Atomic Blonde is a great spy story with a super cool agent. I like that it's set in the Cold War and I love the heavy use of '80s New Wave music. I even like how the song choices fit with what's going on onscreen ('Til Tuesday's "Voices Carry," for instance, when two characters are trying not to be overheard), but I understand how that might be annoyingly on-the-nose for some.
The plot is complicated, with a lot of double- and triple-crossing to keep track of, but while I was often kept guessing, I was never confused. And it all tracked for me in the end. Looking back after all the reveals have been made, I have some questions about why certain characters did what they did, but I'm not calling that a flaw until I've been able to see it again with the knowledge of what everyone's up to.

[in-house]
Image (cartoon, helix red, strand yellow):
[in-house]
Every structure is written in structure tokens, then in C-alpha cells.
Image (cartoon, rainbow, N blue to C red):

The selling point is the action sequences. There are a few big fights and they're all staged differently and even have different tones from each other. One is a brutal, very prolonged fight in a stairwell, for example, while another in a posh hotel is slow motion and operatic.
18. Valerian and the City of a Thousand Planets
I was a little nervous about Valerian. The trailers looked fantastic and I like the two leads quite a bit, but I'm never sure what I'm going to get from Luc Besson. That's especially true when he's only producing, but he also directed Lucy and I hated that movie. I was getting a similar vibe about Valerian that I did about Jupiter Ascending, another attempt at a bold space opera by unpredictable (in the sense that I can't predict whether I'm going to like any given film of theirs) filmmakers. I enjoy Jupiter Ascending, but it wasn't as cool or cohesive as I'd hoped it would be. And I was concerned that I'd feel the same way about Valerian.